Building Performance Prediction: Making Room for the Gap?


Within European Union member states, building energy performance is addressed by the EU Energy Performance of Buildings Directive. One requirement of this document is that all Member States adopt a methodology to calculate building energy performance, which as a minimum accounts for all energy used within a building for the purposes of “heating, hot water heating, cooling, ventilation and lighting”.  Such methodologies act as the foundation for national building energy performance certification schemes, also mandatory under the EPBD, which are required to produce an energy performance certificate whenever a building is constructed, sold or rented.

The majority of member states have opted for an approach of whole-building modelling, often using thermal simulation software. Within the UK, the designated calculation methodology, and subsequent generation of energy performance certificates is conducted using the Standard Assessment Procedure (SAP), and associated software. Such energy assessments typically focus heavily on theoretical performance, and have come under heavy criticism over the past few years in both industrial and academic literature as a key component of the much documented ‘performance gap’ or the difference between predicted and measured energy performance within a building. Virtual building models, the literature argues, are too idealised, with simplifications currently going unrecognised within the design process, and inputs errors going unrecognised.

The ACCEPT team are currently engaged in undertaking a literature review of published material on the performance gap, which represents a core area of research within the project, researching common contributing factors and causes. We thought we’d share some of our initial findings with you ahead of time.

It is often impossible to know upfront exactly how much energy a building will use in operation, due to numerous implicit uncertainties during preliminary design stages. Consequently, modelling software must make a series of assumptions during calculations, with respect to factors such as plug loads, climate conditions, internal heat gains, and user behaviours and schedules. However, performance gap literature reviewed within our study consistently highlights how these assumptions may represent a significant contributing factor to the performance gap; often being highly simplistic, and poorly representative of real world conditions. As such, the literature believes these assumptions are ultimately acting as inaccuracies within the calculation methodologies, which are rarely challenged and which act to produce inaccurate building energy performance predictions; failing to account for asymmetric energy use between different builds and from different building users, typical hours of use, and installed density of appliances.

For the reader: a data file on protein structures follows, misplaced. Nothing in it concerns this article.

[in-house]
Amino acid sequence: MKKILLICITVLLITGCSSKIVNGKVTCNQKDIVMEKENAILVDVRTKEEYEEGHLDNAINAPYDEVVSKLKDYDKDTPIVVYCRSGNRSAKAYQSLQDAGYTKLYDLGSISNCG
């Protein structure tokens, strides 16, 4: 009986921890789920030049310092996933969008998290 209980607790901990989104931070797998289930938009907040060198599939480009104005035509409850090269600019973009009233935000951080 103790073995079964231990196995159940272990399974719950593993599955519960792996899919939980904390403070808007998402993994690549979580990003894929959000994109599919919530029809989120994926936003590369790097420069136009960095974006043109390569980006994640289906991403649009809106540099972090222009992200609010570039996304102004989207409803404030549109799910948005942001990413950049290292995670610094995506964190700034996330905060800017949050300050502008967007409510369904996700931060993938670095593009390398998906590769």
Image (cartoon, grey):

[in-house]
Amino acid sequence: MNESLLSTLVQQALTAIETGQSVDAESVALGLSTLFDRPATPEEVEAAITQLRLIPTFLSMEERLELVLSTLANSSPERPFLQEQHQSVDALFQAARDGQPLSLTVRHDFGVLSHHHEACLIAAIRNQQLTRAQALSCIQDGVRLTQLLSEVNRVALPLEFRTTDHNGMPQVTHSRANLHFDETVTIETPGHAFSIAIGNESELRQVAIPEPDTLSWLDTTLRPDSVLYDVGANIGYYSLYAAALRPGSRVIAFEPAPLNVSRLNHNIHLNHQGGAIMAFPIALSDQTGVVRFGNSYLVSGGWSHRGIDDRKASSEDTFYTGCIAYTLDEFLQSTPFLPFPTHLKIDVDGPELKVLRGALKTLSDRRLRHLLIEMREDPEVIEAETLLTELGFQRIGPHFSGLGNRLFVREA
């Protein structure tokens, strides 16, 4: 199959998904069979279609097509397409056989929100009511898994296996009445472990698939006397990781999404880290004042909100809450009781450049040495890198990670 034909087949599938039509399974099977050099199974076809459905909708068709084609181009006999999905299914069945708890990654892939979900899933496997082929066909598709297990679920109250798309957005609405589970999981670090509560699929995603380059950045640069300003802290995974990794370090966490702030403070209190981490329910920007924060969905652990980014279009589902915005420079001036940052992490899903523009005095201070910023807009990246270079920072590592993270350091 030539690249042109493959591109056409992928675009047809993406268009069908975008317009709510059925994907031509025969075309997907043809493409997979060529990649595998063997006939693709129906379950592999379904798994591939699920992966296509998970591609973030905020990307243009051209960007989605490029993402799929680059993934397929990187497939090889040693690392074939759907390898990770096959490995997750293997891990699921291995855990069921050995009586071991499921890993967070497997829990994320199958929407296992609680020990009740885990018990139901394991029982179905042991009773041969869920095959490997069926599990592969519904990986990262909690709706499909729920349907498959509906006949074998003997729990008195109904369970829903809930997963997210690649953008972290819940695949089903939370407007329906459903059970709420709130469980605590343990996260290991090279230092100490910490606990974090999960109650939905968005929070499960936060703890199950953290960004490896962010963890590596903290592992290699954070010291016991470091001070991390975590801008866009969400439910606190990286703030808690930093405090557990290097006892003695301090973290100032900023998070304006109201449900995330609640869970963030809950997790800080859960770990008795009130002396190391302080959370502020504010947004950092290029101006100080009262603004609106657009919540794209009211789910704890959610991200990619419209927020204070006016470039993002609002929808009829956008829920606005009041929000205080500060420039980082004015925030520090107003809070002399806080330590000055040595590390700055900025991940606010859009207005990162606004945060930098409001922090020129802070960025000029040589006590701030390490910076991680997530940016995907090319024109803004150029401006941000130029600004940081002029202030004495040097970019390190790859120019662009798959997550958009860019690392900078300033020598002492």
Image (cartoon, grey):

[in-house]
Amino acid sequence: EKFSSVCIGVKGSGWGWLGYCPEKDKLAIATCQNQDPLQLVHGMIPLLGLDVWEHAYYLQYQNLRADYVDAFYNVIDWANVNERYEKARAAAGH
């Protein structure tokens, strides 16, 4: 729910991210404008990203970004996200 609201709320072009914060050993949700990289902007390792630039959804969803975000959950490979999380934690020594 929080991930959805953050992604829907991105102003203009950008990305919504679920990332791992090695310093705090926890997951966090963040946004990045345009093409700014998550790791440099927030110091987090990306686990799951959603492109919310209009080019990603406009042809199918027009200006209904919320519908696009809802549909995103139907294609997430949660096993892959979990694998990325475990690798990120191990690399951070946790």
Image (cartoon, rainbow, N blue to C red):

Throughout the modelling process, it is widely accepted that energy performance assessors are very much reliant on input data obtained through third parties. Whilst there is an emphasis on traceability within the majority of these methodologies, there is growing concern which brings into question the accuracy of this input data, in particular regarding building material thermal performance and U-values. The most common causes of errors in input data stem from the overestimation of published performance values by manufacturers, whether for marketing purposes or as a result of overoptimistic material testing results. Material U-values are often obtained through laboratory tests or numerical simulations. Such assessments are often undertaken on isolated elements, with the obtained figure for ‘technical potential’ expected to work under replication in real world scenarios. However, much like the assumptions within modelling calculations, these figures are often generally optimistic when introduced to the nuances of the real world, and where individual elements must interact to produce one effective building envelope.

Outputs from building energy use calculations are therefore dependent on a competent analyst, accurate and representative third party data, and the appropriateness of the model to the particular context. In addition to these issues, our research has also brought to light a consensus within the literature regarding issues such as;

  • Poor drawings or specification provided by the design team to the energy assessor.
  • Heating systems and associated controls installed differently to that communicated within the design stage calculation.
  • Specified junction details and qualities not adhered to throughout construction.
  • Alterations to the initial building design and/or product substitution not communicated to assessor throughout construction.
  • Windows installed throughout construction are not reflective of the BFRC figures provided to the building modeler.
  • Secondary heating installed without this being communicated within the modelling stage.

With this in mind, it is hardly surprising that predictions can generate a gap downstream in the construction process where energy usage is measured by meters and monitors; where real world pressures kick in, and where assumptions and model inputs are put to the test. The published literature has published case studies across Europe indicating that calculations produced using EPBD compliant software are producing discrepancies of up to 30% between predicted and measured energy performance. Whilst building energy use calculations are not the only area of construction where factors can contribute to the performance gap, it will be important to assess such issues as they are identified if legislation is to be successful in reducing the contribution of the built environment to global emissions and energy usage.

Credit: Zero Carbon Hub 2016

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